Does mortar have a place in modern roofing construction?

I have written many articles advocating the use of dry fix product such as ridge, hip and verge systems, with all the benefits they bring to modern roof construction.  However, we must not forget that mortar has been used in roofing for a very long time.  Middle Eastern builders used a material similar to concrete around 1300 BC in coating their buildings with burnt crushed limestone, which set hard as it reacted to gasses in the atmosphere.  Cement as we know it today was patented in 1824 by Joseph Aspdin – he called it Portland cement because it resembled Portland stone.

With the right mix of sand aggregate and cement, mortar can produce a very strong bond between building components.  But the reason mortar fails in roofing is its inability to cope with differential movement between components; even a well installed mortar-bedded roof junction, using the correct mortar mix, can fail very quickly if any slight movement in the building structure takes place.

Since 2014, BS 5534 has recommended that all mortar-bedded roof components, such as ridge tiles, hip tiles and verges, be mechanically secured to the roof structure using fixings such as nails, screws, or clips.  Of course, in many cases, designers, roofers, and clients decide to use a dry fix system and omit mortar altogether.  However, there are still many roofs where mortar bedding is desirable for aesthetic and traditional reasons.  For example, Edilians has some traditional clay tiles in its range, such as its Phalempin plain tile and classic clay pantile ranges, in many popular colours, that look equally good with mortar as well as with dry fix systems.  A great example of combining traditional mortar bedding with mechanical fixing is the Edilians 710 clay angle ridge system; ridge and hip tiles can be installed by mortar edge-bedding combined with a hidden screw and clip fixing into a ridge or hip timber.  Equally, Edilians 710 ridges can be used without mortar, with a ridge or hip roll.

What makes a good mortar mix?   The strength and durability of mortar is dependent on the type of sand used and even the cleanliness of the water.  Sharp sand, also referred to as ‘rough’’, or ‘coarse’ sand, tends to give a stronger mix than soft sand, ie, the type used by bricklayers.  The disadvantage of sharp sand is that it is more difficult to work with and to form smooth, neat finishes.  Soft sand, often called ‘building sand’, is easier to work with, but it does not achieve the same strength as sharp sand.  For these reasons, BS 5534 now recommends a mortar mix using a blend of sharp and soft sands.  In a typical three-parts sand to one-part cement mortar mix, the sharp sand should make up at least one-third of the sand content.  Alternatively, a building sand can be used that has a distribution of particle sizes similar to blended sand.  As a definition, 70% to 90% of the sand should be able to pass through a 0.5mm sieve.  There is also the difficulty of defining exactly what sharp and soft sands are, as they vary from region to region.  For further guidance, BS EN 13139: 2002; Annex B, categorises sand as coarse, medium, or fine and has tables to define each type.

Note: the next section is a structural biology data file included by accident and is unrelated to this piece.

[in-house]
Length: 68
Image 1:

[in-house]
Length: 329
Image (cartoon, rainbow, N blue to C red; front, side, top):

Hydrated and hydraulic limes are often used in conservation and historical restoration roofing work.  Mixed with sand, the lime improves workability and gives a softer, more porous mortar which can be an advantage when working with some softer building materials such as natural stone and terracotta.

Pigments are sometimes added to colour the mortar, though too much will reduce the mortar strength.  Generally, colour additives should not exceed one-part pigment to sixty-parts mortar.  Proprietary admixtures are also available that improve specific properties of the mortar.  For example, plasticizers improve the frost resistance and workability of the mortar.  These should be used strictly in accordance with the admixture manufacturer’s recommendations.

Use the correct sand to cement mix and always use clean, potable water.  Use admixtures and pigments in accordance with the product manufacturer’s instructions.

In summary, mortar will long have a place in roofing, though it should always be supplemented with mechanical fixings when bedding ridges, hips, and verges.  There are exceptions to this rule, for example, some historically or architecturally important old roofs.  Also, small scale, or ‘baby’ ridges installed on small roof details, such as porches or bay windows up to a height of 3 metres, can be mortar-bedded without mechanical fixings, provided the self-weight of the ridge tiles is sufficient to resist local wind loads.